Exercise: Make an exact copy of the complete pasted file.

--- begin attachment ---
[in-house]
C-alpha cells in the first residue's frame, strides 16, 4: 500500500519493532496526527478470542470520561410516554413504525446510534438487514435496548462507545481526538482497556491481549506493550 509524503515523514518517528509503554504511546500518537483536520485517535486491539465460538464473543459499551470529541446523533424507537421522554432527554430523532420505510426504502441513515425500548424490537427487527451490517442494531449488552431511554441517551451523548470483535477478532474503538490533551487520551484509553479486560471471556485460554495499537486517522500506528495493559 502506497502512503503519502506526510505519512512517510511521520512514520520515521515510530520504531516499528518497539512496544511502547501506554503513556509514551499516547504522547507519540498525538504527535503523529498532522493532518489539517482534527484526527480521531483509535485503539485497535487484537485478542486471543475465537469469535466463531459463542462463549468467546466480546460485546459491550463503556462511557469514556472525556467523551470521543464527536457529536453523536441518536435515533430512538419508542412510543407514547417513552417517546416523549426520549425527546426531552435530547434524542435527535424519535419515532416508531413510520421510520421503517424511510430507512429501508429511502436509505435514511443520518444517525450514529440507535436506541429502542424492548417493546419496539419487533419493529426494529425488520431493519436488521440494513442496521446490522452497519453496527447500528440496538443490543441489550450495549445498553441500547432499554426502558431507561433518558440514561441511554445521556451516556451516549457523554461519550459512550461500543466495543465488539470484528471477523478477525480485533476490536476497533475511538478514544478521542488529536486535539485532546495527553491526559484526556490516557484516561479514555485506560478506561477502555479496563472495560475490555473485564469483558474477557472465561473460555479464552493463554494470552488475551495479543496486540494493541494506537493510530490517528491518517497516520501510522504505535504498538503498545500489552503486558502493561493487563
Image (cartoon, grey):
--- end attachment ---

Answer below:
[in-house]
C-alpha cells in the first residue's frame, strides 16, 4: 500500500519493532496526527478470542470520561410516554413504525446510534438487514435496548462507545481526538482497556491481549506493550 509524503515523514518517528509503554504511546500518537483536520485517535486491539465460538464473543459499551470529541446523533424507537421522554432527554430523532420505510426504502441513515425500548424490537427487527451490517442494531449488552431511554441517551451523548470483535477478532474503538490533551487520551484509553479486560471471556485460554495499537486517522500506528495493559 502506497502512503503519502506526510505519512512517510511521520512514520520515521515510530520504531516499528518497539512496544511502547501506554503513556509514551499516547504522547507519540498525538504527535503523529498532522493532518489539517482534527484526527480521531483509535485503539485497535487484537485478542486471543475465537469469535466463531459463542462463549468467546466480546460485546459491550463503556462511557469514556472525556467523551470521543464527536457529536453523536441518536435515533430512538419508542412510543407514547417513552417517546416523549426520549425527546426531552435530547434524542435527535424519535419515532416508531413510520421510520421503517424511510430507512429501508429511502436509505435514511443520518444517525450514529440507535436506541429502542424492548417493546419496539419487533419493529426494529425488520431493519436488521440494513442496521446490522452497519453496527447500528440496538443490543441489550450495549445498553441500547432499554426502558431507561433518558440514561441511554445521556451516556451516549457523554461519550459512550461500543466495543465488539470484528471477523478477525480485533476490536476497533475511538478514544478521542488529536486535539485532546495527553491526559484526556490516557484516561479514555485506560478506561477502555479496563472495560475490555473485564469483558474477557472465561473460555479464552493463554494470552488475551495479543496486540494493541494506537493510530490517528491518517497516520501510522504505535504498538503498545500489552503486558502493561493487563
Image (cartoon, grey):